NEW GLOUCESTER — The fire and rescue department’s vacancies have finally been filled and emergency response time has been reduced after months of resignations left the station short-handed.

Fire Chief Toby Martin said Wednesday that the departure of seven longtime members had the department searching for new members and took a toll on the work they do.

Martin said the door is open for additional community members to join the department that includes 20 call members, four who also work as per diem employees, plus 17 per diem members.

Some per diem members live in Kingfield, Bethel, Rumford, Raymond, Sabattus, Portland and Gray, Martin said.

Four members will be promoted as newly appointed fire officers effective Feb. 3, with a pinning ceremony at 7:30 p.m. Monday, Feb. 10, at the fire station.

Interim Deputy Chief Craig Bouchard of Lewiston will fill the role of deputy fire chief. Lt. Hale Fitzgerald of New Gloucester will be promoted to captain. Private Chris Gill of New Gloucester and Private Eric Beaulieu of Gray will each be promoted to lieutenant. Three of the four officers hold positions in other fire departments and will work as per diem members in New Gloucester.


With a full staff and 24-hour coverage, response time has been reduced to less than two minutes to leave the station, not 14 to 16 minutes, Martin said.

Each member is cross-trained to respond to fire and rescue calls, he said.

“With their skills training, leadership and knowledge these officers bring tremendous benefit to the town of New Gloucester, helping us to face the challenges ahead,” Martin said, who is rounding out his first year as department chief.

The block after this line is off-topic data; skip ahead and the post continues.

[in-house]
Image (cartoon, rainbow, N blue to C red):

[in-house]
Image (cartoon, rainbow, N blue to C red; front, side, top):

In 2013, the New Gloucester Fire and Rescue Department transitioned from a first response unit to include an ambulance transport service. Before that, department members used to arrive at calls to stabilize the injured while waiting for ambulance services from out of town.

“We have to think differently to meet the new demands,” Martin said. “The job has changed with rules, regulations and requirements for OSHA, the state of Maine, Maine Emergency Medical Service and local jurisdiction.”

Martin has begun working on a preliminary budget for fiscal year 2021. This year, the department budget was $643,112, combining fire and rescue departments. And members are now employees earning hourly rates for training and response time served.


New Gloucester provides 24-hour coverage to respond to calls, but also relies on nearby communities for assistance, if needed. Based on mapping, the town is broken up into districts, with Gray, New Gloucester, Poland, Pownal, North Yarmouth, Durham and Auburn providing aid.

Mutual aid affects fuel costs and wear and tear on apparatus, incident pay and staffing for the community. “We don’t charge each other,” Martin said.

“We are now out the door in less than two minutes, compared to 14 to 16 minutes before we provided 24-hour service from the fire station,” he said.

New Gloucester responds to 400 rescue calls and 200 fire calls annually.

“What we have lost in thinking differently is the historical knowledge of the department, which is the community’s knowledge. Our goal is recruitment and retention,” Martin said.

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